Location: California
Posts: 43
No I’m not dozing. I run a skimmer, some carbon, and I perform bi-weekly water changes. I think my phosphate problem stems from using too much ditilled water in the first months after setting up the tank. The rocks might have sucked up all the silica and are now releasing it into the water. I thought about running gfo but I heard that it can bleach corals.


JustAClownFish is offline   Reply With Quote
Old 10/21/2017, 10:22 AM   #11
Small Heavens
Registered Member
 
Join Date: Sep 2017
Posts: 119
If you get something like red sea nopox, it triggers the bacteria inside the liverock (anaerobic bacteria that breaks apart if they get into contact with the aerated water column), to eat your phosphates and nitrates more efficiently. If they don't have proper carbon sources to eat, they don't do as much about it as they can do, so you could also try to see if something like that works for you.

Remember to always make any changes slow, when starting to dose carbon, the anaerobic bacteria will add an increase of ammonia that needs to be balanced before doses can be raised, etc. etc. etc.


Small Heavens is offline   Reply With Quote
Old 10/27/2017, 03:40 PM   #12
JustAClownFish
Registered Member
 
Join Date: Oct 2017
Location: California
Posts: 43
I just found out that I've been doing the API nitrate test wrong all this time. I did it the way people here say on the forum you should do it. My nitrates are beyond 160ppm. No wonder the anemones are doing bad. The little one actually did and nuked one of my Kenya tree frags that was a couple inches next to it. The werid thing is that all fish are doing fine. That explains why some of my corals aren't as colorful. It's simply too much.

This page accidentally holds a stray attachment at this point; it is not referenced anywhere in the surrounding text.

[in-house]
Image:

I got the Red Sea stuff. I heard that people overdosed and ended up with more problems. Do I have to keep dosing it until the nitrates are down and then stop?


JustAClownFish is offline   Reply With Quote
Old 10/27/2017, 05:25 PM   #13
Kinetic
Registered Member
 
Kinetic's Avatar
 
Join Date: Sep 2005
Location: SF Bay Area
Posts: 7,520
Quote:
Originally Posted by JustAClownFish View Post
I just found out that I've been doing the API nitrate test wrong all this time. I did it the way people here say on the forum you should do it. My nitrates are beyond 160ppm. No wonder the anemones are doing bad. The little one actually did and nuked one of my Kenya tree frags that was a couple inches next to it. The werid thing is that all fish are doing fine. That explains why some of my corals aren't as colorful. It's simply too much.

I got the Red Sea stuff. I heard that people overdosed and ended up with more problems. Do I have to keep dosing it until the nitrates are down and then stop?
160ppm is really high. Inverts are normally way more sensitive to nitrates than fish, which is what you're seeing.

What stuff did you get? In my opinion, you should absolutely know what this is called at least before getting it. I'm guessing NoPo4x. Yes, if you overdose you can get gigantic bacteria blooms which could remove all dissolved oxygen fast and kill everything. In my opinion, NoPo4x helps maintain levels, not fix a problem or source.